Media News

A handpicked selection of today’s media-related news. With 24.000 entries, our archives chronicle 15 years of press industry developments. A goldmine for scholars and researchers.

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  • 21 September 2012 |

    Google News introduces hidden keyword metatag

    Google has announced a new metatag called "news_keywords" to allow digital journalists to add up to 10 keywords or phrases, the words a reader may put in to the Google search engine to find an article on that subject. The Google News blog states that this is an additional way that Google crawlers catagorise an article for the Google search engine and Google News. The keywords will be hidden and are all given equal value so sub-editors, SEO editors and journalists do not need to think about the order in which they place the keywords and phrases, which are separated by a comma. The Google News blog states this development gives news outlets more freedom to write creative and pithy headlines, without the need for keywords. Digital journalists have been able to write different HTML title headlines (displayed in the URL), which Google reads, and on page headlines, written for the reader, for some time. The Google blog explains the development: "Similar in spirit to the plain keywords metatag, the news_keywords metatag lets publishers specify a collection of terms that apply to a news article. These words don't need to appear anywhere within the headline or body text."
  • 21 September 2012 | The Guardian

    Google warned it could face more antitrust trouble in Europe

    Europe's antitrust chief has publicly warned Google that it could face charges of breaching EU rules, and be fined, unless it does more to ease concerns that it used its search clout to block rivals. EU competition commissioner Joaquin Almunia said that so far concessions from Google – which is in talks with the European Commission to resolve complaints from competitors, including Microsoft, which claim it is abusing its dominant position in the search business – had not gone far enough. His warning, made in a speech to Fordham University in New York, ratchets up the pressure on Google by making public the EC's willingness to move to a more confrontational approach to the negotiations, which have been going on since July. If the case moved to the courts and the EC showed that Google had broken EU antitrust laws through the abuse of a dominant position, Google could be fined 10 percent of its worldwide revenues – which for 2011 amounts to EUR 2.9bn. More importantly, Google would be put into a legal straitjacket that would control how it could in future use its search results – rather as Microsoft, which previously fell foul of the EC over the dominant position of its Internet Explorer browser, now finds itself. In Europe, Microsoft is obliged to offer a browser choice screen that lets users choose which of a number of browsers they wish to be the default on their PC.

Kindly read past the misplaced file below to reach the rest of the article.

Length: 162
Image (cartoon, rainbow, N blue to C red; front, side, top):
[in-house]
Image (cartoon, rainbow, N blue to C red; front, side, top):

• 21 September 2012 | Web Pro News

    Twitter puts together “best practices” for journalists

    Twitter has put together a set of “best practices” for journalists and newsrooms. Essentially, it boils down to the following four items: 1. Tweet your beat 2. Use hashtags for context - 3. @cite your sources 4. Share what you’re reading. Twitter says it analyzed thousands of tweets from over 150 news brands and individual reporters around the world to come up with the first four. “One of the best ways to increase Twitter engagement is to Tweet regularly about the subjects you cover,” says Twitter’s Creative Content Manager for Journalism & News, Mark Luckie of the first point. “Our research shows that for people who post a concentrated number of Tweets in a short time span, follower growth is 50 percent more than average (1.5x). Live-tweeting or posting updates about a news event related to your beat is one way to grow followers and increase interaction.”
  • 21 September 2012 | AFP

    Citizen journalist killed in Syria ‘Bermuda Triangle’